Mimesis Law
22 April 2021

Enough Suspicion For A Roadside Anal Probe In South Carolina

Apr. 4, 2016 (Mimesis Law) — Video surfaced of a black couple being strip searched and anally probed for drugs by white cops in South Carolina.  People were outraged, because video is hard to ignore, and this particular video is especially egregious when you hear the cops expressing their disgust about not finding any drugs or contraband, and disappointment in having to “turn them loose.”

The problem with the outrage is that it displayed a failure to grasp history, that as offensive as this is, it’s hardly the first time such an outrage happened. The absurd conduct of the Aiken County, South Carolina cops comes from over two decades of the legal system turning a blind eye to the concept of “reasonable suspicion.”

Cops gained the “reasonable suspicion” excuse when the Supreme Court reviewed the legality of locking a woman in a room for a day until she defecated in view of Customs officers, allegedly for the purpose of stopping drugs from entering the country.  Seven justices deemed this practice okay because drugs are Very Bad Things. Since people entering the country often crossed the border with drugs in their butts, it was perfectly reasonable under these limited circumstances for customs agents to have a “reasonable suspicion” that a person crossing the border might their anus inspected with extreme prejudice.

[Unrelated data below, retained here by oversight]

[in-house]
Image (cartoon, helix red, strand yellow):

It’s not surprising the Supremes would take such a stance. It was the eighties, and our country’s default stance on narcotics was “Just Say No.”  Never you mind that person’s last name was Montoya De Hernandez.  It’s just this one teensy circumstance, and it’s better to stop drugs than treat people like human beings. Justice William Brennan wasn’t too probe-happy, and his dissent was the canary in the coal mine warning us of a world that allowed Hicks and Pontoon’s assault.

The nature and duration of the detention here may well have been tolerable for spoiled meat or diseased animals, but not for human beings held on simple suspicion of criminal activity.…I do not imagine that decent and law-abiding international travelers have yet reached the point where they “expect” to be thrown into locked rooms and ordered to excrete into wastebaskets, held incommunicado until they cooperate, or led away in handcuffs to the nearest hospital for exposure to various medical procedures – all on nothing more than the “reasonable” suspicions of low-ranking enforcement agents… History bears testimony that by such disregard are the rights of liberty extinguished, heedlessly at first, then stealthily, and brazenly in the end.” (Emphasis added.)